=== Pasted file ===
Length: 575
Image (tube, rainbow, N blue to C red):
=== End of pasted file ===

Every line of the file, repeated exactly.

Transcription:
Length: 575
Image (tube, rainbow, N blue to C red):